Fordham’s new policy brief by Adam Emerson, “Governance in the Charter School Sector: Time for a Reboot,” tackles the governance issue head-on. One section in particular is especially interesting to me because of our role as a charter school authorizer in the Buckeye State. Ohio, and other states with strong charter school networks (both non-profit CMOs and for-profit EMOs), has struggled to balance the power and influence of school operators with that of their non-profit governing board. Too often boards are seen as little more than a necessary evil while operators run the show. It is not at all uncommon for charter school operators in Ohio to “hire” board members, and then use them as a rubber stamp...

“Autonomy, in exchange for accountability” has been the mantra of charter school theorists since before the first charter opened its doors in Minnesota in 1991. But, far too often over the last two decades this mantra has been more ideal than reality. Getting the balance right between autonomy and accountability has been so hard because there has been much confusion over the appropriate roles and responsibilities of the non-profit charter school governing boards, school operators, and authorizers in the autonomy/accountability deal.

Fordham’s new policy brief by Adam Emerson, “Governance in the Charter School Sector: Time for a Reboot,” tackles the governance issue head-on. One section in particular is especially interesting to me because of our role as a charter school authorizer in the Buckeye State. Ohio, and other states with strong charter school networks (both non-profit CMOs and for-profit EMOs), has struggled to balance the power and influence of school operators with that of their non-profit governing board. Too often boards are seen as little more than a necessary evil while operators run the show. It is not at all uncommon for charter school operators in Ohio to “hire” board members, and then use them as a rubber stamp for...

This Q&A with T.J. Wallace, the executive director for Dayton Liberty Academies, is the sixth of our seven-part series on school leadership. (Please see our Q&A with Dr. Glenda Brown, Andy BoyDr. Judy Hennessey, and Hannah Powell Tuney, and Chad Webb.)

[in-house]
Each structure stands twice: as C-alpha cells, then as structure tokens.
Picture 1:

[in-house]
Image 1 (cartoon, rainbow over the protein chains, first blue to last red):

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Two years ago T.J. Wallace was recruited to be a principal at the Dayton Leadership Academies. His job was to turn around the Dayton Liberty campus, which was facing possible closure for back-to-back failing state report cards.

At the time, EdisonLearning, Inc., a for-profit management company, was operating his school and a second, known as the Dayton View campus. Both had poor test scores and were plagued by administrative chaos. The schools’ board and their authorizer, the Thomas B. Fordham Foundation, were out of patience. Fordham and the board took matters into their own hands and chose Wallace, imposing him on their management company.

This year Edison Learning is gone and Wallace is the executive director of both schools.

The 58-year-old former Catholic high school principal is running one school that last year was graded a “C” by the state and a second that received an “F.” The K-8 buildings...

The Fordham Institute has been engaged in a wide range of conversations recently, ranging from gifted-student education to Common Core to charter school quality. If you’ve missed any of these events or publications, check out the following notes.

Ordinarily, states that measure the academic performance of public school students assess students with disabilities no differently than students in general education. But exceptions are made, primarily for children with severe cognitive disabilities. And testing accommodations frequently are part of a student’s Individualized Education Plan (such as extending the time it takes to take a test).

Those exceptions partly explain why the Thomas B. Fordham Institute excluded special-education voucher programs from a study of how private schools view the regulations that come with various voucher and tax-credit-scholarship programs. Traditional testing tools aren’t always the best measure for students with special needs, but that doesn’t mean no accountability measures should follow special-needs students who leave a public school for a private school with a publicly funded voucher.

Virtually no accountability measures, however, exist in most of the nation’s special-education voucher programs, including the largest such program in the United States, Florida’s McKay Scholarship for Students with Disabilities. And the coalition of schools that oversees the McKay program appears to want to keep it that way—and it’s wrong to do so.

The McKay Coalition surveyed its own Florida schools after Fordham published School Choice Regulations: Red Tape or Red Herring, which...

The All-Girl Edition

Dara and Kathleen put on their thinking caps to discuss Common Core implementation, ability grouping, and pre-K absenteeism. Amber joins in for some March Madness dishing—and some tough love for eighth-grade Algebra.

Amber's Research Minute

The 2013 Brown Center Report on American Education: How Well Are American Students Learning? by Tom Loveless (Washington, DC: Brookings Institution, March 2013)